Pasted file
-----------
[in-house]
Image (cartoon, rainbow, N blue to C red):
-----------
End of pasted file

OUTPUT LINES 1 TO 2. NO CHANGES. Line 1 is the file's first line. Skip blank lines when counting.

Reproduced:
[in-house]
Image (cartoon, rainbow, N blue to C red):